Obama’s SecDef Panetta Now: We Need to Be in Iraq Long-Term?
Five years ago, however, he didn’t do much to oppose the politically motivated withdrawal from the Middle East.
This week, Barack Obama’s former secretary of defense, Leon Panetta, offered a rare and candid reassessment of Obama’s disastrous 2012 election charade — declaring “victory in Iraq” and withdrawing our forces, all in order to keep a 2008 campaign promise.
In 2008, as we have noted, Obama skewered his opponent, John McCain, for asserting we needed to maintain a presence in Iraq “for 100 years.” McCain was implying that our presence in the region, establishing forward operating bases, would ensure stability and be in the best interest of our national security. McCain was correct.
This week, five years too late, Panetta, who quietly expressed his concerns about Obama’s 2012 election-motivated declaration of victory in Iraq, offered this 20/20 hindsight: “I think the United States is going to have to have a long-term presence both in Iraq and Afghanistan, if we are to maintain stability there.”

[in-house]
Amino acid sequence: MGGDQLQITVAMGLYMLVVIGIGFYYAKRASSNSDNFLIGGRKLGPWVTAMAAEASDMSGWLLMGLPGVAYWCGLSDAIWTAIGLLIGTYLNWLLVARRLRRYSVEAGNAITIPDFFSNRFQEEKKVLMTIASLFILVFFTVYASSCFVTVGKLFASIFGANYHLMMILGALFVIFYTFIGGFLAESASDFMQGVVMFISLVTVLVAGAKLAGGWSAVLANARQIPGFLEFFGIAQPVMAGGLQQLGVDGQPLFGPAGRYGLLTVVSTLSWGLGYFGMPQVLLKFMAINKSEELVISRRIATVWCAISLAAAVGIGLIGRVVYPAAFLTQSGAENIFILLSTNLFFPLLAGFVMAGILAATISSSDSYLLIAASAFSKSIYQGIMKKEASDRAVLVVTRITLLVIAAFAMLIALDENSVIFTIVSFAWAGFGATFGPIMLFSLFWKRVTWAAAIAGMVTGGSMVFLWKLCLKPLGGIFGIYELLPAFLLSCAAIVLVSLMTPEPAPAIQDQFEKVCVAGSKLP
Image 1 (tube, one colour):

To paraphrase, we need to be in the region “for 100 years.”
In the 2016 presidential campaign, Donald Trump asserted that Obama and Hillary Clinton were responsible for the rise of the Islamic State. When prompted to backtrack that statement, Trump reaffirmed, “I meant he’s the founder of ISIS. … I give him the Most Valuable Player award. I give it [to Hillary] too.” Trump was absolutely correct. (Recall Obama’s 2015 claim regarding ISIL — “We’ve contained them.”)
Obama and Clinton, in effect, did create the Islamic State. Between 2009 and 2012, the Obama/Clinton policies in the Middle East, ending Operation Iraqi Freedom and retreating, indisputably gave rise to the Islamic Caliphate, which resulted in the Middle East meltdown. They unleashed an epic humanitarian crisis across the region, and an epidemic of terrorism metastasizing west. That blood and suffering is on the hands of Obama and Clinton — and Panetta for not resigning in protest over the 2012 withdrawal from Iraq.
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